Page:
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SQLStudies

My name is Kenneth Fisher and I am Senior DBA for a large (multi-national) insurance company. I have been working with databases for over 20 years starting with Clarion and Foxpro. I’ve been working with SQL Server for 12 years but have only really started “studying” the subject for the last 3. I don’t have any real "specialities" but I enjoy trouble shooting and teaching. Thus far I’ve earned by MCITP Database Administrator 2008, MCTS Database Administrator 2005, and MCTS Database Developer 2008. I’m currently studying for my MCITP Database Developer 2008 and should start in on the 2012 exams next year. My blog is at www.sqlstudies.com.

I can connect to my instance locally but not remotely

Every now and again (today for example) I’ll get a call that one of our SQL Server instances is down.  I’ll try to connect from my machine with no success.  Then I’ll remote to the server itself and first check if the server is up, then if it is, try to connect locally.  Today is one of those occasions where I was able to connect locally.  So now I’m in a bit of a quandary.  I can connect locally, but not remotely.  There are a number of reasons that this can happen.  Below I’ve listed the tests I perform to figure out what’s going on.  There certainly may be additional items that can be tested and if you know them I would love to have you add a comment. 

After each step if you have changed anything do a test remote connection to see if your problem is resolved.

Note: I’m abbreviating SQL Server Configuration Manager as SSCM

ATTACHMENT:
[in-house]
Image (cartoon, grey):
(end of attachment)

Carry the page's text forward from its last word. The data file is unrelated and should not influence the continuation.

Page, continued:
1. In SSCM Check to make sure that TCP/IP is enabled.  If your shop uses Named Pipes check that also.
  2. If your instance is not using port 1433 then it needs the SQL Server Browser.  Here is a good description of what it does.  Either start or restart SQL Server Browser.  I’ve noticed over time that even though the Browser shows it’s started it may not be working.  Restarting it should fix this.
  3. At this point it’s probably a good idea to check the application event log on the server.  Particularly if the Browser won’t start.  Obviously the solution here is to Google/Bing/Searchofyourchoice the error and then correct it.
  4. Check to make sure your port is open.  You can find the port you are using in SSCM under the TCP/IP properties. To test the port it’s easiest to use telnet in my opinion.  There are a number of other products available if you prefer, but telnet is free and comes with windows.  TELNET <servername> <port>.  If it won’t connect then you probably need to check your firewall.  I’m not much good with firewalls but here is Pinal Dave’s blog on how to make the change.  Don’t forget to add the port for the Browser (1434) along with the ports for your instance.

I’ve placed these in a specific order based on experience and ease of test/fix.  Feel free to put them in whatever order you feel the most comfortable with.


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